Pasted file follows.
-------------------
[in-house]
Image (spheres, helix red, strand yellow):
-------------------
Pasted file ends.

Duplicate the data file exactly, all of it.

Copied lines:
[in-house]
Image (spheres, helix red, strand yellow):